Day 10: Sandpoint, ID to Troy, MT

last views of Idaho


Today was another ridiculously long day, with plenty of stops to make it bearable. We climbed out of the lovely Springy Pines campground to cross a bridge over Lake Pend Oreille – the bridge has a dedicated bike lane that is about two highway lanes wide! Of course, it was raining again, but much more lightly than it has been. We rode without Ardi and Vince as we wanted to stop in town for a new helmet (Rachel’s doesn’t fit over the hats we use for sun protection) and to have a mechanic take a look at the loose headset on Nick’s bike. We felt drained after the day before, so we stopped at an indoor market for espressos and breakfast number two. We were also eager for some Idaho experiences during our short trip through the state, so we picked up some postcards and an Idaho Spud candy bar, which the merchant said are famous here. It’s basically (vegetarian!) marshmallow covered with chocolate and sprinkled with coconut, in the shape of a potato. Next we headed on to one of three bike shops in town, The Outdoor Experience, where the mechanic fixed the problem for free, and they helped Rachel find a helmet that fit much better. We really liked the folks running that place and would highly recommend it to anyone passing through Sandpoint.

Pend Oreille (looks so much like Anacortes!)

 

Sandpoint

This appears to be the “blue” part of Idaho. Sandpoint has several natural food stores, the houses look rather hippie-ish, and even the rural areas we passed along the route here are filled with artists’ studios, a fancy sandwich shop or two, and not too many Republican political signs. We stopped in Hope, Idaho for what would become a super healthy lunch of an ice cream-cookie sundae. It was perfect. We seriously can’t eat enough on this trip.

ice cream sundae break!

There were also some friendly customers who told us about road conditions ahead, and told us that the reason why bears used to attack people was because they were being sedated with PCP. We hear so many different stories about bears out here…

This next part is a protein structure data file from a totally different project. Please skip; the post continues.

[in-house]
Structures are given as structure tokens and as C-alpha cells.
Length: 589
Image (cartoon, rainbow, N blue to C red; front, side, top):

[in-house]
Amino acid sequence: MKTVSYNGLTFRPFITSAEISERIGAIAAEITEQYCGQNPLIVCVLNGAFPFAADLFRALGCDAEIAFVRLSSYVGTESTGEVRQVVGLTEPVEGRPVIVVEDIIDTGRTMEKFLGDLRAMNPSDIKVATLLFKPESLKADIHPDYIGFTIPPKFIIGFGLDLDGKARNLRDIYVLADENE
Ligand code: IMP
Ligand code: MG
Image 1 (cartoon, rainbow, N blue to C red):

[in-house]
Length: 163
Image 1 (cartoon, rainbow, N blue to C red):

We also stopped *again* for espresso. Rural Washington and Idaho have so many of these little espresso stands – many of them have hot dogs as well. This one was run by a woman from Wisconsin. The espresso was actually really good, and she let us sample some local huckleberries, which neither of us had had before.

espresso shack

We also stopped to pick up dinner supplies from a sandwich shop in Clark Fork, which we would highly recommend, even for vegetarians. While we were there, we ran into Ardi and VInce again, plus Scott, from Minneapolis, who is doing this same route with the lightest set of bags we’ve ever seen. 

entering Montana, with Ardi, Vince, and Scott in the distance

 

Bull River


The mountains became bigger as we continued onward to Montana. As we rode, we could not stopping gaping at the scenery. We followed the Bull River between the Kootenai and Cabinet mountains, and we wanted to stop about every two minutes for photos. The sky opened up on and off, with a torential downpour as we climbed a hill.

a break from the rain with Ardi, Vince, and Scott

 

We pulled off into a convenience store, where we ran into Vince, Ardi, and Scott, who had missed the rain by ducking in before us. We were quite jealous. We sat and chatted for a bit, and while they had about 10 miles left, we were heading on for an 86-mile day so that we could escape the rain at a BnB. A bit luxurious, but it makes the trip much better with multiple days of rain.

 

 

Stats:
Today’s ride: 86.1 miles
Today’s time in the saddle: 7 hours and 49 minutes
Total distance: 624 miles

 

Swanson Lodge B and B, just before Troy, MT


 

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